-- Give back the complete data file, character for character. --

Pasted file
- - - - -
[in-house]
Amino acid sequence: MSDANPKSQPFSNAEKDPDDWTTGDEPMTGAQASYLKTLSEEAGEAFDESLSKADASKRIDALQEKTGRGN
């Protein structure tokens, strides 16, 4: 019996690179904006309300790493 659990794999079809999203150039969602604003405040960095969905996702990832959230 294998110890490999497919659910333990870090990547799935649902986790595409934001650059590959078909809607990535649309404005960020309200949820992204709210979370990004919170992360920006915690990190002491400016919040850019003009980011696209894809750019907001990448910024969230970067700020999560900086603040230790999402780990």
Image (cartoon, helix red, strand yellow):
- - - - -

[in-house]
Amino acid sequence: MSDANPKSQPFSNAEKDPDDWTTGDEPMTGAQASYLKTLSEEAGEAFDESLSKADASKRIDALQEKTGRGN
């Protein structure tokens, strides 16, 4: 019996690179904006309300790493 659990794999079809999203150039969602604003405040960095969905996702990832959230 294998110890490999497919659910333990870090990547799935649902986790595409934001650059590959078909809607990535649309404005960020309200949820992204709210979370990004919170992360920006915690990190002491400016919040850019003009980011696209894809750019907001990448910024969230970067700020999560900086603040230790999402780990």
Image (cartoon, helix red, strand yellow):